Nativity of the Mother of God

September 8

Icon courtesy of Dmitry Shkolnik

“Your Nativity, O Mother of God, has made joy known to the entire world, for from you, dawned the Sun of Righteousness, Christ our God. He abolished the curse and gave the blessing, and by making death of no effect, He bestowed on us eternal life.”

On this day, our Church acknowledges the birth of the Theotokos (Mother of God). As the Church’s Liturgical Year begins on September 1st, it is only fitting that the Nativity of Mary, the Mother of God, be celebrated as the first major feast of the year. The birth of the Theotokos is the beginning of the act of incarnation and our salvation through Jesus Christ.

The record of the birth of Mary is not found in the Bible. According to the apocryphal writings which are not a part of the New Testament Scriptures, Joachim and Anna were a pious Jewish couple who were old and childless. Their inability to have children caused them intense grief and considerable embarrassment.  In Jewish tradition, barrenness was viewed as a curse because it meant the woman was unable to produce a possible Messiah for the people. Joachim and Anna prayed earnestly to the Lord for a child, vowing to dedicate their child to the service of the Lord if He found favor with their request. In answer to their unwavering fidelity to God, the elderly couple was blessed with the child who was destined to become the Mother of the Messiah, Christ.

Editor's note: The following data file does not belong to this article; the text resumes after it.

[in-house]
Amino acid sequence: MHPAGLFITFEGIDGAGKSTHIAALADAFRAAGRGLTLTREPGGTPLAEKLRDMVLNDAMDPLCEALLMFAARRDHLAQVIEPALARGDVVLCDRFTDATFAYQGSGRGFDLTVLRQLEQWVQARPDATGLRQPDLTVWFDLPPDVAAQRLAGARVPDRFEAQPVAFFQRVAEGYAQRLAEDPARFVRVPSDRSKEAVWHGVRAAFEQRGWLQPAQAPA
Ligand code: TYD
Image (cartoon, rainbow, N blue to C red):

The Nativity of the Theotokos marks the change of the times when the great and comforting promises of God for the salvation of the human race from slavery to the devil are about to be fulfilled. This event has brought to earth the grace of the Kingdom of God, a Kingdom of Truth, piety, virtue and everlasting life. The Theotokos is revealed to all of us by grace as a merciful Intercessor and Mother.

Mary’s birth heralded the coming of the promised Messiah, who was to destroy the power of Satan, reopen for us the gates of heaven, and assure divine blessing to the entire human race. This is the reason of our rejoicing.  At the same time, the liturgical hymns exalt devotion and righteousness of Joachim and Anna. By their devotion and persevering prayers, they proved their complete confidence in God.

This is the practical lesson of the feast of Mary’s nativity. Our unwavering confidence in God, supported by persevering prayer, will open for us the door of divine mercy and secure for us a constant flow of God’s blessings.

“Let heaven rejoice and earth exalt, for the firmament of our God comes into the world; according to the promise, the Divine Bride is now born. The barren one now nurses Mary, her child; and Joachim rejoices in this birth and says: “Behold, the rod is now born to me, from which Christ shall blossom forth from the root of David. Indeed, this is a wondrous marvel!”


Excerpts taken and adapted with appreciation from:
Orthodox Church in America at The-nativity-of-our-most-holy-lady-the-mother-of-god